In order to accurately calculate adjusted cost base and capital gains a complete history of all transactions is required, including not only purchases and sales, but also reinvested distributions, return of capital, phantom distributions, and splits. A common and unfortunately occurrence is when a Canadian investor has owned a security for a long time, has failed to maintain a record of adjusted cost base, and has not kept a record of all transactions.
A common example of this dilemma is when an investor has bought shares decades ago, enrolled in the company’s dividend reinvestment plan (DRIP), neglected to track ACB (perhaps not realizing that this is necessary), and failed to keep copies of all the transaction records. The consequences of this problem will only surface once the shares are eventually sold and capital gains taxes are due.
In such a case, you might be tempted to fudge the numbers and try to come up with a reasonable estimate for ACB. However, this will become problematic if the Canada Revenue Agency initiates an information request or audit. If you’re unable to provide the required information, the CRA may reassess your claim, resulting in an adjustment to your taxes owed and possibly interest and penalties.
In cases like this you have the following options:
- Use an ACB of zero. Since ACB cannot be negative, such a claim will not likely be challenged. However, you’ll end up paying more tax than necessary since your reported capital gains will be higher than their true value.
- Donate the shares. When you donate qualifying securities in-kind to a recognized charitable organization, not only will you be able to claim a tax credit on the full market value of the shares, but you’ll avoid paying taxes on any capital gains. Indeed this can be a very efficient way to make a charitable donation. The benefits of this are two-fold: the tax reduction is higher compared to making an equivalent cash donation and you avoid the hassle of calculating ACB.
- Establish a guaranteed minimum for ACB. In some cases if you have some partial information, you can use it to prove a minimum adjusted cost base amount. For example, let’s say that you have a record of the original stock purchase but no records for any reinvested distributions. In such a case you could set the ACB equal to the value of the original purchase. As long as there were no return of capital distributions, the ACB is guaranteed to be no less than this amount. This will still result in claiming a higher capital gain (or lower capital loss) than the true amount but it’s still better than using an ACB of zero (option 1).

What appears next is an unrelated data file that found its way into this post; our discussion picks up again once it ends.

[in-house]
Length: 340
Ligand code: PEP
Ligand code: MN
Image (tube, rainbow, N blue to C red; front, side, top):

- Reconstruct the necessary information using online data sources and a spreadsheet. Yahoo! Finance provides historical information on prices, dividends and splits. The investor relations part of a company’s web site may also provide such information. For example, if you only know the the original purchase date and were enrolled in a company’s dividend reinvestment plan, you might be able to calculate the ACB using a spreadsheet in conjunction with the historical price, dividend and split data.
- Use the specific company’s online tool. A limited number companies provide online tools for calculating ACB specifically for investors in their own shares. However, a minimum amount of information (usually at least the initial purchase information) is required. It may be worth searching online to see if such a tool exists for your investment. Here are some examples:
AdjustedCostBase.ca is a web-based ACB calculator that’s freely available to use. You’re invited to try it out as AdjustedCostBase.ca can be useful even for the above-mentioned scenarios where complete transaction details are not available.
Is it possible to use the capital gain reported on year end mutual fund statements and go backwards six months to determine the capital gain at the deemed disposition that occurred at death? Transactions for the year in question are known, and for several years past, but unfortunately not for early years.
That’s probably a reasonable thing to do. Mutual fund companies are usually more reliable in reporting adjusted cost base and capital gains compared to brokerages (see http://www.adjustedcostbase.ca/blog/can-you-rely-on-your-brokerage-for-calculating-adjusted-cost-base-and-capital-gains/), since they often have access to all the necessary information and are only dealing with their own funds which they know well.
I work in an organisation where it is not always possible to retrieve or calculate the ACBs of investments and properties. In such cases, should the ACB be reported as zero? Can we use the earliest known market value as the ACB? Thanks and regards,
I have some very complex capital gains to calculate across foreign shares and multiple foreign bank accounts going back over 10 years. I have all the details and I think the numbers are accurate but my question is this: just how detailed are CRA going to be if they ask for follow-up? As it stands, I’d have to send them hundreds of pages of statements, around 100 confirms (mostly for dividend re-investments) and pages and pages of ACB calculations if they asked. I can’t believe that they would want to go through that lot for what amounts to a fairly small amount of tax (< 10K CAD). What's their approach in situations like this?